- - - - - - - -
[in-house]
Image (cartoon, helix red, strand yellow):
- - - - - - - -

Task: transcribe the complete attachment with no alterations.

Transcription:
[in-house]
Image (cartoon, helix red, strand yellow):